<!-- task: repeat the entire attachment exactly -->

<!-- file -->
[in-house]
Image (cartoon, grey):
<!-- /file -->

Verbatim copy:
[in-house]
Image (cartoon, grey):